Family First Senator Steve Fielding, speaking in the Senate on 11 October, 2006 in the debate on the government’s bill to change the laws on media ownership, recalled something many in the media would prefer to forget. This was the way most in the media openly campaigned for a republic in 1999, even in news columns and newscasts.
“Consider the republic debate in 1999. With very few exceptions, every paper and journalist across the country actively campaigned for a yes vote. What effect did they have? Overwhelmingly Australians voted no.”
He said the “… real concern ought not be so much the concentration of ownership but the concentration of ideology: the concentration of ideas. Where is the evidence that the key factor that determines ideas is ownership? In other words, that owners dictate ideas? Out there in the real world it’s nothing like that.”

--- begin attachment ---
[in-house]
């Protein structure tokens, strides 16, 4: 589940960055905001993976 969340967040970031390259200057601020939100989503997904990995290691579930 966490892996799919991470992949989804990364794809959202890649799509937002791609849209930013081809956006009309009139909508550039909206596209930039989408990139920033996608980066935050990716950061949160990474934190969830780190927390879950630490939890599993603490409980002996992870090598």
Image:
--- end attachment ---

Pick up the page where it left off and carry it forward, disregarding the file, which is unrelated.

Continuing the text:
Senator Fielding indicated he would vote for the government’s bill. ACM has no views on that, but it is salutary that the Senator reminded the nation of the role which many in the media took upon themselves. This was to use their power, in breach of media ethics, to campaign for constitutional change.
The reaction of the voters may well have been to follow Christopher Pearson’s advice: “Annoy the media: vote No!”